W ith Texas’s Main Hunting seasons winding down it is time to review what works and what doesn’t. This past season a friend of mine found a unique way to integrate readily available technology and deer hunting.
There are many different roads to success in the deer woods, but technology has given us a different avenue. The many apps available on a smart phone have proved to help hunters pinpoint exactly when and where the deer should be. Please notice I said SHOULD be.
Rob Abraham, a hunting buddy of mine, took the time this year to prove that exact point. We all know how much weather can affect deer movement. A good hunting app on your phone (and there are many to choose from) will not only give you the weather forecast, but barometric pressure, rise or fall in temperature, moon phases and much more.
Rob has adopted a phrase he heard from a renowned hunter: “When temperature and pressure meet, bucks will be on their feet!”
For the past two years, Rob has kept a deer log, recording time of day, moon phase, barometric pressure and temperature for every whitetail he saw while on stand. He also paid close attention to any deer he caught on camera and the statistics that went with that picture.
He concluded that when there’s a 10 to 15 degree drop in temperature—which happens after a storm moves out and barometric pressure starts to rise—it’s the best chance to score on a nice whitetail. A bad storm will keep deer hunkered down, and they will be looking for food as soon as it clears. Big bucks know that when does are feeding, that’s the time to check to see if any of them are still in estrous and ready to mate.
After checking the cameras to see which stand held the most activity, Rob decided this was the day because all the numbers lined up. The rain was ending, temperature dropped the right amount and pressure was rising.
This was the day to be in the stand. This was the day to hunt. At 2:30, Rob was secure in his stand. He spent the afternoon enjoying the scenery expecting that venison would be in the freezer that night.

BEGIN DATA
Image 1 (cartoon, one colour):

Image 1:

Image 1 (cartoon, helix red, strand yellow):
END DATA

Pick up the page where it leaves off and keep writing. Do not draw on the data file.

It was 5 p.m. when some does finally started to filter in the field. Some came as close as 20 yards, tempting him to let an arrow fly. In earlier years, he would have, but after all the data he kept, he was after a good–sized buck.
Nothing would make him shoot the doe. After all, she was live bait in the field. “When you go fishing, do you kill the worm first?”
Not too long after that, the does became nervous. Rob knew they hadn’t winded him. He was careful about scent control, and he made sure the wind was in his face that day.
He noticed the deer were looking back at something. Sure enough, it was a nice “shooter” buck that entered the same field about 150 yards upwind.
Slowly, the big bruiser headed toward the three does. The perfect hunt was beginning to take shape as the does moved within 10 yards of the stand. Finally, after many hours (at least that’s what it felt like), the buck followed the does right by Rob’s stand.
At just 10 yards, he was sure the big boy could hear his heart pounding. Already at full draw, he let the arrow fly. It flew true and right through.
Waiting 30 minutes in the stand seemed like an eternity, but he did not want to jump this big buck. Instead, he called his fiancée and quietly told her to pick up his father and bring the truck—there is tracking to do!
Over and over he relived the shot as he stared at the bloody arrow that lay on the ground. Finally, he decided he could take it no longer and climbed out of the stand to look for blood.
At first, there was none at all. He walked at least 25 yards, and not a drop of blood to be found. Rob walked back to where the arrow was to inspect it. He was sure it was a solid hit, but he started to second-guess himself.
Shooting light was almost gone. Rob had to go back to his vehicle to grab a flashlight and leave his bow. By then, his dad and fiancé, Allison, showed up to help him locate the deer.
The foamy, bright red blood was very easy to follow. The big buck was found after a 20 minute tracking job.
Everything worked out in Rob’s words “just like it was supposed to.” The wind was right, temperature dropped, barometric pressure rose, and the buck was down and dead.
All that hard work that Rob did paid off. Two years of keeping a close eye on all the data every time he went out hunting brought him success in the whitetail world.
Unfortunately, not all hunting adventures have a happy ending. Most of the time, we come home empty handed; but now with the technology available to us, we might be able to bring home the venison, if we put in the time and keep up with the data.
Have fun and hunt safe.
Email Lou Marullo at [email protected]Return to CONTENTS Page